Sam Connery-Nichol’s truck is a grey Chevy Silverado with over 600,000 kilometres on it and rust around the wheel wells. She could probably get a new vehicle — one that’s easier to park in town — but she refuses to let this one go.
It was her dad’s truck.
Jeff Connery died in 2012 shortly after Sam returned to working on the family farm near Portage la Prairie. The winter before that, her Uncle Doug also passed away. The farm was left to Sam, her brother Chris and mom Beth.
Beth asked her kids if they wanted to sell the vegetable farm and move on, Sam said. They chose to stay.
“It was always just simple. Like it felt simpler,” Sam said. “I knew that things were very much complicated and going to be difficult for the first couple of years until we got things kind of figured out — where everyone’s place was and whatnot. But farming’s just one of those lifestyle things that’s fantastic. You combine a little bit of family with a little bit of work.”
Connery’s Riverdale Farms
The Connery family was market gardening long before they bought the farm near Portage, Sam said. Her grandpa, Ed Connery farmed first near Birds Hill, then by St. Vital. In the late ’50s or early ’60s, he was tired of farming in the gumbo and went west looking for better land.
The climate and soil along the Assiniboine River near Portage appealed to Ed. He bought a patch of land and started farming, commuting from Winnipeg every day. Sometimes he’d sleep in his old panel van if the day got too late.
They’ve kept that van too, said Sam.
In the ’80s, Ed went into politics, serving two terms as the MLA for Portage. His sons, Doug and Jeff, took over and kept growing the farm.
Sam said she remembers her first farm job as a four- or five-year-old — washing pails behind the strawberry shack near the fields. Her responsibilities grew as she did. Her mom worked in the farm office, so she learned a little of that.
“I always grew up on the farm without the intention of me staying on the farm when I’d grown up,” Sam said.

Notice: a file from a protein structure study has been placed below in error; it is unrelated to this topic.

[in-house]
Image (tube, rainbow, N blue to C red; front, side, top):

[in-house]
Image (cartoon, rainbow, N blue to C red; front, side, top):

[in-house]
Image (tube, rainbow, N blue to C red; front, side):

The family seemed to have the mindset that the boys would run the farm and the girls would move on. Sam went to university but never quite found something she wanted to do for the rest of her life. Her uncle’s death was the catalyst to bring her back to the farm.
Sam said it took a year to get a handle on the office and warehouse, which was her responsibility while her brother managed the fields.
“We have crazy sheds with ridiculously complicated refrigeration to keep the carrots cold in the winter. Who’d have thought you need to keep carrots cold in the winter?” said Sam. “But no, they breath and that generates heat, so you actually even on a -40 day you’re like pumping air conditioning through a shed.”
Her philosophy is to streamline where possible. “Anything I can get my hands on that I can do easier or with less effort, or if I can make it so simple that someone else can do it, I’m all over that.
“I’ve got to pace myself,” she said, adding they start harvesting asparagus in late April or May and barely stop until the carrots come out in October. Then they pack carrots all winter.
“There’s days I question my sanity because working with family is hard,” Sam said. “I question my husband’s sanity on a regular basis, ’cause he’s working with his in-laws.”
Sam says her family includes her staff, including the temporary foreign workers who come back year after year.
“The guys are super, super good to me,” she said.
The farm takes on 40 to 60 temporary foreign workers each growing season, most from Mexico and Jamaica. Sam said most of the workers return every year. They get many hugs at each reunion and departure, and they stay in touch.
“I mean, it sucks when your Jamaican workers are sending you pictures of them lying on a beach with their newborn baby, and like, being like, ‘this is what it’s like here,’ and it’s January.”
But Sam’s expanded family also puts more weight on her shoulders.
“I feel so much responsibility,” she said. “I always think of all the workers as my guys ’cause them and their families are relying on us to make sure that life is good at home. And I remember when I didn’t have that responsibility and man it was easy to sleep at night!”
What makes it worth it is seeing pictures the workers send her of improved homes and kids graduating from school. Sam said she has no regrets.